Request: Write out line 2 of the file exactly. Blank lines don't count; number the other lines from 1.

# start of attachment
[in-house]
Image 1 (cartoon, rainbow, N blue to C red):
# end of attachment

Image 1 (cartoon, rainbow, N blue to C red):